Research Topic

Protein Misfolding and Proteostasis Impairment in Aging and Neurodegeneration: From Spreading Studies to Therapeutic Approaches

About this Research Topic

Misfolding, aggregation, and deposition of proteins in the nervous system are common features of protein misfolding disorders (PMDs). They include several neurodegenerative diseases such as Alzheimer´s disease, Parkinson’s disease, Huntington’s disease, frontotemporal dementia (FTD), amyotrophic lateral sclerosis (ALS), and prion diseases, among others.

Misfolded proteins are thought to spread/propagate within different anatomical structures of the nervous system through prion-like mechanisms. The seeding-nucleation model provides a plausible explanation on how misfolded aggregates have the intrinsic ability to transmit and propagate a misfolded conformation in vivo. However, how aggregates can spread and progress through the nervous system causing neurodegeneration and the molecular mechanisms underlying this phenomenon remains largely unexplored.

Aging is the most relevant risk factor for many PMDs. Interestingly, recent evidence suggests that the buffering capacity of the proteostasis network decreases with aging contributing to the etiology of these pathologies. However, it remains unknown whether protein misfolding and aggregation are the cause or the consequence of neurodegenerative processes and how changes in the proteostasis during the aging process may facilitate the onset of PMDs.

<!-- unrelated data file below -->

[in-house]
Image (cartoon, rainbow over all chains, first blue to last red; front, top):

This Research Topic focuses on protein misfolding and proteostasis impairment in aging and neurodegeneration and aims to provide an overview of the mechanisms rendering neuronal populations vulnerable to proteotoxic stress. Review articles, original research articles and case reports exploring the misfolding and aggregation process of pathological proteins and the decline of proteostasis during aging are especially welcome.

We will also expand the Research Topic by encouraging manuscripts on novel strategies for the treatment of age-dependent protein misfolding disorders targeting distinct components of the proteostasis network.

Potential topics include:

• Misfolding and protein aggregation;
• Pathogenic proteins in PMDs;
• Mechanisms involved in protein spreading;
• Proteostasis in aging;
• Aging process in the context of neurodegeneration;
• Therapeutic approaches.

Topic Editor Dr Rodrigo Morales is an inventor in a patent related to the Protein Misfolding Cyclic Amplification (PMCA) technology, which is currently evaluated as a platform for diagnosis in prion diseases. All other Topic Editors declare no competing interests with regards to the Research Topic subject.


Keywords: protein misfolding, proteostasis, aging, neurodegeneration


Important Note: All contributions to this Research Topic must be within the scope of the section and journal to which they are submitted, as defined in their mission statements. Frontiers reserves the right to guide an out-of-scope manuscript to a more suitable section or journal at any stage of peer review.

Misfolding, aggregation, and deposition of proteins in the nervous system are common features of protein misfolding disorders (PMDs). They include several neurodegenerative diseases such as Alzheimer´s disease, Parkinson’s disease, Huntington’s disease, frontotemporal dementia (FTD), amyotrophic lateral sclerosis (ALS), and prion diseases, among others.